Trash bags are a great tool in a fight. Have your character lay them in front of doors or on stairs as slip traps. Once the opponent slips and is off balance, the character can follow up with a knife thrust or a can of dog food or Pyrex measuring cup to the side of the head. They could even have another trash bag in their hands that’s been twisted into a rope to strangle the opponent. Trash bags are also great for clean up once the fight is over.
We’ve all seen kitchen fight scenes where a person’s face is shoved down on a hot stove, illustrating the great truth about a hot stove—it can be used on both attacker and defender. However, if there is something hot on that stove, such as hot oil or hot water, your character can throw that hot oil or water at the opponent.
This is a double win in that the opponent then can’t use it on your character, and the opponent gets burned. After all, if someone is going to get burned, the opponent getting burned is always better. Be sure to follow up with punches, kicks, stabs, etc., until the opponent is completely incapacitated.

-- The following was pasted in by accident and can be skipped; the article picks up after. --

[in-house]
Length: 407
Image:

Salt, pepper, and chili spice. Have your character uncap the salt and pepper shakers or the chili pepper jar and throw them into the opponent’s face. Chili powder is best. That one really gets them. This is both distracting and painful for the opponent and gives your character a chance for follow up with . . . You guessed it. Punches, kicks, stabs, etc.
A countertop tea kettle is a great asset in a fight. Throw the boiling water in the opponent’s face, and while they are agonizing over that, beat them on the head with the kettle.